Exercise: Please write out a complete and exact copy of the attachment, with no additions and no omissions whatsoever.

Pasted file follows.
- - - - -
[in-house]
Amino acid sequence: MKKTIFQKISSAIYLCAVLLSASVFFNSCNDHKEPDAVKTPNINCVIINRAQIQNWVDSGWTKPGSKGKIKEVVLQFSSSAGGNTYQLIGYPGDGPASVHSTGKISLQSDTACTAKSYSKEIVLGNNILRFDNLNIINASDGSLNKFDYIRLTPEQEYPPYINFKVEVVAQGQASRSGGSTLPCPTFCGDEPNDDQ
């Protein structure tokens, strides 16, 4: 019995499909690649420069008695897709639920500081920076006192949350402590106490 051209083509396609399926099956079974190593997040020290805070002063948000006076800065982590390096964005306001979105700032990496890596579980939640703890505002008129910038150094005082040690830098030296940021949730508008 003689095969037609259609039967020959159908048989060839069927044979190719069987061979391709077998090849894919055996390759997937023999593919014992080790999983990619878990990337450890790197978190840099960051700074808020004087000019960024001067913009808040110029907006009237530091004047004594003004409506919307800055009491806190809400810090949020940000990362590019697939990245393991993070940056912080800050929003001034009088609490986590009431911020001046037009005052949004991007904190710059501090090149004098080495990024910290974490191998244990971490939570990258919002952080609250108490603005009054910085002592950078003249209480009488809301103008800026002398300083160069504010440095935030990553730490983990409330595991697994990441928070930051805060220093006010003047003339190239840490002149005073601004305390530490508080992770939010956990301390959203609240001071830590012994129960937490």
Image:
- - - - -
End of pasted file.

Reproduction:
[in-house]
Amino acid sequence: MKKTIFQKISSAIYLCAVLLSASVFFNSCNDHKEPDAVKTPNINCVIINRAQIQNWVDSGWTKPGSKGKIKEVVLQFSSSAGGNTYQLIGYPGDGPASVHSTGKISLQSDTACTAKSYSKEIVLGNNILRFDNLNIINASDGSLNKFDYIRLTPEQEYPPYINFKVEVVAQGQASRSGGSTLPCPTFCGDEPNDDQ
């Protein structure tokens, strides 16, 4: 019995499909690649420069008695897709639920500081920076006192949350402590106490 051209083509396609399926099956079974190593997040020290805070002063948000006076800065982590390096964005306001979105700032990496890596579980939640703890505002008129910038150094005082040690830098030296940021949730508008 003689095969037609259609039967020959159908048989060839069927044979190719069987061979391709077998090849894919055996390759997937023999593919014992080790999983990619878990990337450890790197978190840099960051700074808020004087000019960024001067913009808040110029907006009237530091004047004594003004409506919307800055009491806190809400810090949020940000990362590019697939990245393991993070940056912080800050929003001034009088609490986590009431911020001046037009005052949004991007904190710059501090090149004098080495990024910290974490191998244990971490939570990258919002952080609250108490603005009054910085002592950078003249209480009488809301103008800026002398300083160069504010440095935030990553730490983990409330595991697994990441928070930051805060220093006010003047003339190239840490002149005073601004305390530490508080992770939010956990301390959203609240001071830590012994129960937490």
Image: